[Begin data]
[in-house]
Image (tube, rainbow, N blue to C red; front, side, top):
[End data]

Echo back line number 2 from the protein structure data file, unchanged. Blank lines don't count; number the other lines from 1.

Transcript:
Image (tube, rainbow, N blue to C red; front, side, top):